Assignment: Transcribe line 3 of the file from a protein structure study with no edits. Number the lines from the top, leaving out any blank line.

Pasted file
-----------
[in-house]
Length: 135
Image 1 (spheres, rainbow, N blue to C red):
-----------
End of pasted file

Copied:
Image 1 (spheres, rainbow, N blue to C red):